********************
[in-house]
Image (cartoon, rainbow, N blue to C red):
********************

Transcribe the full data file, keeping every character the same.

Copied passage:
[in-house]
Image (cartoon, rainbow, N blue to C red):